It was a short walk from our hotel to the beautiful Darling harbour in Sydney. Darling harbour is lined with loads of nice cafes and restaurants, and is also home to Madam Tussaud’s wax museum and the Sydney Aquarium. But we were not here for life like figures or exotic fish in tanks, we were here for to experience Humpback Whales in their natural environment.
Every winter, from May until November, Humpback whales migrate from the cold fertile waters of the Southern ocean to the warmer waters of the Indian Ocean. They don’t do it for food, there is actually not enough food in these warmer waters to even justify the energy that would be expended for them to eat. The whales swim north so that thy can give birth to their young in warmer waters.
Part of their migratory path is past Sydney, making it a great base to spend a day whale watching. We joined a lunch tour with Oz Whale Watching. You board the ship at around noon. There are two levels to the boat, an outside deck on the upper level, and a lower enclosed level. You can rush upstairs to one of the sunny tables on the upper level, but top tip: people seated on the lower deck get served lunch first!
A buffet BBQ lunch is available on the ship with tea and coffee making facilities. Upstairs there is also a bar if you want to purchase some drinks. As you fill up on some lunch you will begin making your way out of the Sydney harbour. Our host was full of stories about Sydney’s history, we learned about how badly the now upscale suburb of Mossman used to smell, and how Chowder Bay got it’s name.
Just as we were finishing up our lunch, we began to make our way past the heads of the harbour and into the open seas.
Now that we were out on the open seas we had to start keeping our eyes peeled for the tell tale water spout of a whale taking a breath. After leaving the calm and sheltered waters of the harbour, our boat started to gently rock in the waves. I’m prone to sea sickness, so I confined myself to the lower rear part of the boat, where there was less movement in the boat.
We saw some boats out in the distance. “It looks like they have found some whales over there,” our host tells us. But we have reports that there are some other whales just further on.
Oz Whale Watching has a strong sense of ethical tourism and Eco-responsibility. They try to ensure that the whales are as comfortable as possible with their presence. “These whales travel thousands of miles, and don’t eat anything on their journey. The last thing we want to do is frighten or stress them, and make them expend any more energy than necessary,” he explains. That’s why we aren’t going to go to the whales that already have two or three other boats around them. Instead we continue on our journey.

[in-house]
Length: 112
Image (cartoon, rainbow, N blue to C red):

Soon we are rewarded. What we thought to be one whale turns out to be two. We take it slow, coming slowly up to the whales so that they become comfortable with our presence. The whales paid us no mind, and we stay near them for quite some time. They calmly swam beside the boat (luckily on the same side as I was sitting, as I was starting to feel a bit green), occasionally diving down and showing their massive tails above the water, before surfacing again and expelling the steam of their breath into the cold winter air.
The whales didn’t breach or do any spectacular tricks, but considering that they were a long way from their next meal, we were quite understanding. If a whale breaches it could mean that it is feeling playful, but it is more likely to mean that it is feeling stressed or threatened by the boats buzzing around it. So the fact that our whales were just calming swimming next to us, speaks a lot to the responsible tourism efforts of Oz Whale Watching.
Whats makes Oz Whale Watching different?
- Strong focus on responsible tourism
- The boat does not crowd the whales
- The boat avoids areas where other boats are congregating, both giving you a more personal experience with the whales, and also providing a less stressful experience for the whales
- The boat approaches whales slowly, so as not to cause them unnecessary stress
- The company participated in the Wild About Whales Sightings Network Whale Migration Monitoring Program.
- In an effort to reduce it’s carbon footprint, the company endeavours to minimize waste and use recycled materials as much as possible.
- The tours are eco certified by Eco Tourism Australia
- Oz Whale Watching provides donations to eco-charities around Australia